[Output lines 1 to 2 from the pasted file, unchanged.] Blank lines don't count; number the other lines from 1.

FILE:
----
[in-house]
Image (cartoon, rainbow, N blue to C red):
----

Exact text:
[in-house]
Image (cartoon, rainbow, N blue to C red):